Retrospection: Agassiz’s Expeditions in Brazil

Posted in Articles, Biography, Brazil, Caribbean/Latin America, Health/Medicine/Genetics, History, Media Archive on 2021-09-23 02:12Z by Steven

Retrospection: Agassiz’s Expeditions in Brazil

The Harvard Crimson
2016-04-21

Michelle Y. Raji


Louis Rodolphe Agassiz

But for Agassiz, the trip to Brazil was about more than science. Not only was evolution—a process not immediately observable to the human eye—deeply antithetical to Agassiz’s staunch empiricism, evolution was profoundly at odds with his perceived world order.

Three decades after the then-obscure scientist Charles Darwin quietly sketched his now-famous finches aboard the HMS Beagle in the Galapagos, influential Harvard professor Louis Rodolphe Agassiz set out with much greater fanfare on a lesser-known expedition. In 1865, Agassiz and his wife, accompanied by a small group of Harvard scientists and students, set sail from New York to Rio de Janeiro on The Colorado.

In a lecture en route to Brazil, Agassiz challenged Darwin’s revolutionary theory of evolution on the grounds that the theory relied too much on argument and too little on fact. Agassiz posited that evolution was not plausible according to the geologic record. The trip to Brazil was an attempt to disprove Darwin once and for all. Agassiz saw in the unique biodiversity of Brazil a perfect laboratory to test his counter-theories of phylogenetic embryology and glacial catastrophe in the tropics.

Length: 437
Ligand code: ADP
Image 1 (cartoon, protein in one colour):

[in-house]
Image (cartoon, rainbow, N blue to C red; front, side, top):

But for Agassiz, the trip to Brazil was about more than science. Not only was evolution—a process not immediately observable to the human eye—deeply antithetical to Agassiz’s staunch empiricism, evolution was profoundly at odds with his perceived world order. Though only moderately religious, Agassiz believed in the existence of a creator in all his work. Fortunately for Agassiz, this belief fit well with comparative zoology, which at the time focused heavily on hierarchal classification…

Read the entire article here.

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‘America’s Oldest Park Ranger’ Is Only Her Latest Chapter

Posted in Articles, Biography, History, Media Archive, United States, Women on 2021-09-21 00:50Z by Steven

‘America’s Oldest Park Ranger’ Is Only Her Latest Chapter

The New York Times
2021-09-20

Jennifer Schuessler


Chanell Stone for The New York Times

Betty Reid Soskin has fought to ensure that American history includes the stories that get overlooked. As she turns 100, few stories have been more remarkable than hers.